How closely do tech professionals actually work with the clients of their companies in light of the recent tech bubble? Are they still confined to the IT departments’ four walls? Or are the barriers finally coming down? It appears that parts of the Walls are finally coming down, and technology professionals are discovering new roles in design thinking and as educators as a result.
In reputed corporate sectors, the boundaries between tech teams and end-user clients have totally vanished. This unquestionably applied to McCarthy Holdings, a business construction firm. McFarland says McCarthy’s most important clients are the final users of the buildings under construction. Their goal is to assist construction partners in integrating new technologies. To get results, the company’s IT teams collaborate closely with its project managers.
He says, “This end-user experience is crucial to us. We encourage our technology professionals to visit our job sites outside of the office. In order to better understand what the craftsmen and field workers do on a daily basis. Also to identify potential opportunities for technology that can assist them with their day-to-day work. Therefore, it is critical to observe, listen and ask questions to… help provide a more effective customer experience.”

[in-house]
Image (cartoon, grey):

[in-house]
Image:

Design thinking benefits: Tech professionals
He continues “prediction, automation, intelligent construction sites, and digital twins” as tools to aid with this interaction. They have resources in each of their geographic region where they scale new technologies on a project-by-project basis. By doing so, they can ensure that everyone understands the ‘why’, provide the needed training, and help the teams integrate the technology seamlessly.
User experience (UX) and design thinking are critical components of this customer collaboration. At the same time, it can be difficult to get technical people to understand them. Technical and UX design skills are rare among older employees, but they might be totally engrossed in and familiar with specific software. The construction sector attempts to strike the ideal mix between UX and design expertise and technology knowledge and awareness.
According to McFarland, improving UX and design thinking abilities is a top priority for McCarthy’s IT department. Throughout the project lifecycle, communication and leadership training are also relevant skills for tech professionals, especially in construction.
About the user experience
Another goal of the McFarland team is to help and instruct coworkers who might not be digitally astute. The goal is to reduce adoption obstacles by demonstrating practical examples of what works and how we can go forward. They are aware that the spectrum of technical tool comfort and experience that we work with is broad. In addition, they aim to educate non-tech-savvy staff members about the benefits of technology and how to prove its value.
Additionally, their teams find leaders in this field who welcome new technologies and encourage their peers to adopt them sooner. Peer-to-peer contact enables groups from across the enterprise to “hear from other professionals as this technology can seem new and perhaps daunting.”
Also read: The Best Annotator for Collaboration